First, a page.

Note: I recently found the piece below on an old hard drive. It was written on March 2, 2009, exactly ten years ago this weekend. It was written for the brand-new blog that Dissent Magazine was then starting. It was never published. I’m publishing it now for three reasons: (1) because I’ve actually been thinking a lot about Michael Harrington lately; (2) because it is a reminder that red-baiting has a long history — as does conversation about socialism and American politics — and has been frequently deployed by Republicans since the 1930’s if not before; and (3) because it really is striking how much headway “democratic socialism” has made in public discourse in the past ten years. Which is why so many of us are spending so much time writing about it, and will continue to do so.

It is now clear that the United States, and the world economy of which it is a part, is in the midst of a major economic crisis. And so it is no surprise that public commentators would liken the current moment to the Great Depression, and compare the Obama administration and its policy agenda to FDR’s New Deal. And it is similarly no surprise that given the parallels between the New Deal period and our own, the same red-baiting invocations of “socialism” would be revived by critics of liberal reform. All the same, there is something disturbing about the historical short-sightedness with which this topic is discussed.

This Sunday’s New York Times Week in Review is a case in point. On its front page is a fine story entitled “’Socialism!’ Boo, Hiss, Repeat,” that documents the ways in which critics on the right continue to use the label “socialism” as a slur, at times in the most cynical of ways. And on its back page is a symposium on “When Will the Recession Be Over?” that contains brief comments from eleven economists. What readers of the Week in Review would be hard-pressed to know is that “socialism” is not simply a political slur mobilized by conservatives when they have no ideas of their own, but an idea with a respectable history (as well as a history of disasters; but this is true of all political ideologies), that in the twentieth century there was a vibrant socialist movement in the U.S. which was particularly strong during the Progressive and New Deal periods, and that this movement counted among its leaders or defenders such respected Americans as Eugene V. Debs, Florene Kelly, John Dewey, and Norman Thomas.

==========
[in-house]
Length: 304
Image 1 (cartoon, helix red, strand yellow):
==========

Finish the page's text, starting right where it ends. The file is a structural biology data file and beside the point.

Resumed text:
I am reminded of the moment when I first started reading the Week in Review, in the mid-1970’s, as a New Yorker coming of age intellectually in the wake of the sixties, Vietnam, and the Watergate crisis. I was a student at Queens College. Among my teachers were a number of brilliant economists, sociologists, historians and political scientists whose intellectual agendas were shaped by socialist and Marxist ideas. The most famous of these was a man who was in fact very famous, perhaps the most well-known “leftist” of his generation — Michael Harrington.

Harrington had been the author of a book, The Other America, that had been widely credited with having inspired the Johnson Administration’s “War on Poverty.” He was also a very public socialist, the author of a widely read book, entitled Socialism, published in paperback by Bantam, a major trade publisher; the leader of a group, called Democratic Socialist Organizing Committee, and later Democratic Socialists of America, that was very active among leftists and liberals in the Democratic Party, and that indeed published a newsletter called “The Democratic Left”; and an active participant in the Socialist International, in which capacity he was the principal American interlocutor, and respected equal, of such world leaders as Willy Brandt, Olaf Palme, and Michael Manley.